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Phil Woodward often appropriates mundane images and invests them with a renewed vigour.  He responds directly to the chosen image, focusing primarily on colour. Adulterating the purity of the original with his own messy and dulled oil paints, he sees his interaction with the original image as a kind of mutation or positive contamination. His paintings emerge from a speculative process driven by his engagement with the materiality of paint and its possibilities. A process which explores the relationship between structured planning and spontaneity.

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This series of paintings named, War on Terroir are all painted on adverts from Frieze magazine, first mounted onto canvas. Whilst primarily concerned with exploring colour, form, and spontaneous mark making, the paintings also consider the relationship between purity, taste and call for a reevaluation of what constitutes contamination. They discuss the possibility of the grand idea of a painting as a form protest, slowly and almost biologically spreading beyond the sterile environment of the gallery or Art Fair. At the same time they also worry about the possibility of painting descending into a futile kind of virtue signalling, biting the hand that feeds it.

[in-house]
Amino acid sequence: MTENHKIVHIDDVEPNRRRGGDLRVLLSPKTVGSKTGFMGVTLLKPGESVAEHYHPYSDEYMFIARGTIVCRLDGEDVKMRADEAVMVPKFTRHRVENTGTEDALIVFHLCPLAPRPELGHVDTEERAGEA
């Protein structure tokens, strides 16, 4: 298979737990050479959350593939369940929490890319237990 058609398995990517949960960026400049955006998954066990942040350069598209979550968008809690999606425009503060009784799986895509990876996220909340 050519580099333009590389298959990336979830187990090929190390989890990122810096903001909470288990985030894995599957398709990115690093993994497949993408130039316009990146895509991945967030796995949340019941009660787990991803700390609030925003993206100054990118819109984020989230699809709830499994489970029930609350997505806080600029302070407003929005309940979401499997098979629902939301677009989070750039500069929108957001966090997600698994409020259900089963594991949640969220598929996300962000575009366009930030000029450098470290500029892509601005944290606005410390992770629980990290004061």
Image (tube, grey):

“The fool who persists in his folly will become wise.”

Having ignored the advice inherent in William Blake’s aphorism for a long time, I eventually followed my folly and photographed the contents of my compost bin in December 2018. I finally answered the pulsating, subconscious energy that is the mass of the Earth’s compost which was calling me. 

I have photographed it regularly since then. Prompted by an interest in pareidolia, essentially seeing faces in things, I look for a suggestion a of face in the head sized rotting sculptures I make from my food waste. I post them on instagram, inserted amongst the hashtags #instafoodie #instarecipe #cheflife etc. I see them as causing a mild disruption amongst the scrolling recipes and curated, seductive, food galleries. They are not wise but an absurd reminder of our impermanence as a species and the waste we produce through our consumption. We, our ideas and our art will eventually return to compost.

January 25, 2025

January 10, 2025


Earlier work